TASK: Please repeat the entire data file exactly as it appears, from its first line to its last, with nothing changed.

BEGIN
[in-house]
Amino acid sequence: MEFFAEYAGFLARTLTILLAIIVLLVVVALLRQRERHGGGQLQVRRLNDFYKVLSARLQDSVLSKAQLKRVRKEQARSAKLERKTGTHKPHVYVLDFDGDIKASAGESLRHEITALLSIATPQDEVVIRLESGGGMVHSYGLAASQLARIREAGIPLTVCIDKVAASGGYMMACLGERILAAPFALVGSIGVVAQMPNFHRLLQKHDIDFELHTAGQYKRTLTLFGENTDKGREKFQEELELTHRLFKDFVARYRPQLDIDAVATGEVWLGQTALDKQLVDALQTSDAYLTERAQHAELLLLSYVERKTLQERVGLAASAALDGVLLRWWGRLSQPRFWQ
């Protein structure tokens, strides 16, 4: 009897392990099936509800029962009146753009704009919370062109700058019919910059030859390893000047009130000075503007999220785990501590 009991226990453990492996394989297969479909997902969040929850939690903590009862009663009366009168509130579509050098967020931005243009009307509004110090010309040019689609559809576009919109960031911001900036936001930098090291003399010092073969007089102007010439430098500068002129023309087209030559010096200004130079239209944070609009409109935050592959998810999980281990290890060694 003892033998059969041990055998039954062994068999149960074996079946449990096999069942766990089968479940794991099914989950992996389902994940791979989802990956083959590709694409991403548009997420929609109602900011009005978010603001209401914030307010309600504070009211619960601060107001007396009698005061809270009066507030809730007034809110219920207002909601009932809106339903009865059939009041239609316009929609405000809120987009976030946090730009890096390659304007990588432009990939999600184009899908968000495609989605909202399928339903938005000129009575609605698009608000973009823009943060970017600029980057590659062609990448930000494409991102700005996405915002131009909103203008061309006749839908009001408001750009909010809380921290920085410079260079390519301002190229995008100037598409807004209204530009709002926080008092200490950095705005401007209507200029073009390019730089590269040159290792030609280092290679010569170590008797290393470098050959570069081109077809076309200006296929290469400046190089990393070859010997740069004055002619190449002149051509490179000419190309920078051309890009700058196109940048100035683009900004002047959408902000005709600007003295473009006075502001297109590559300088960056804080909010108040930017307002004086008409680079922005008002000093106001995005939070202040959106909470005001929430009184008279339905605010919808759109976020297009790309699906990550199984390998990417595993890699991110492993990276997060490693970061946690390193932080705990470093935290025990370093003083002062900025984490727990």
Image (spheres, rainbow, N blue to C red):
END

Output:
[in-house]
Amino acid sequence: MEFFAEYAGFLARTLTILLAIIVLLVVVALLRQRERHGGGQLQVRRLNDFYKVLSARLQDSVLSKAQLKRVRKEQARSAKLERKTGTHKPHVYVLDFDGDIKASAGESLRHEITALLSIATPQDEVVIRLESGGGMVHSYGLAASQLARIREAGIPLTVCIDKVAASGGYMMACLGERILAAPFALVGSIGVVAQMPNFHRLLQKHDIDFELHTAGQYKRTLTLFGENTDKGREKFQEELELTHRLFKDFVARYRPQLDIDAVATGEVWLGQTALDKQLVDALQTSDAYLTERAQHAELLLLSYVERKTLQERVGLAASAALDGVLLRWWGRLSQPRFWQ
């Protein structure tokens, strides 16, 4: 009897392990099936509800029962009146753009704009919370062109700058019919910059030859390893000047009130000075503007999220785990501590 009991226990453990492996394989297969479909997902969040929850939690903590009862009663009366009168509130579509050098967020931005243009009307509004110090010309040019689609559809576009919109960031911001900036936001930098090291003399010092073969007089102007010439430098500068002129023309087209030559010096200004130079239209944070609009409109935050592959998810999980281990290890060694 003892033998059969041990055998039954062994068999149960074996079946449990096999069942766990089968479940794991099914989950992996389902994940791979989802990956083959590709694409991403548009997420929609109602900011009005978010603001209401914030307010309600504070009211619960601060107001007396009698005061809270009066507030809730007034809110219920207002909601009932809106339903009865059939009041239609316009929609405000809120987009976030946090730009890096390659304007990588432009990939999600184009899908968000495609989605909202399928339903938005000129009575609605698009608000973009823009943060970017600029980057590659062609990448930000494409991102700005996405915002131009909103203008061309006749839908009001408001750009909010809380921290920085410079260079390519301002190229995008100037598409807004209204530009709002926080008092200490950095705005401007209507200029073009390019730089590269040159290792030609280092290679010569170590008797290393470098050959570069081109077809076309200006296929290469400046190089990393070859010997740069004055002619190449002149051509490179000419190309920078051309890009700058196109940048100035683009900004002047959408902000005709600007003295473009006075502001297109590559300088960056804080909010108040930017307002004086008409680079922005008002000093106001995005939070202040959106909470005001929430009184008279339905605010919808759109976020297009790309699906990550199984390998990417595993890699991110492993990276997060490693970061946690390193932080705990470093935290025990370093003083002062900025984490727990």
Image (spheres, rainbow, N blue to C red):